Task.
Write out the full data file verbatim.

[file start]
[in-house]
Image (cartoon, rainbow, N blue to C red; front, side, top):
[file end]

[in-house]
Image (cartoon, rainbow, N blue to C red; front, side, top):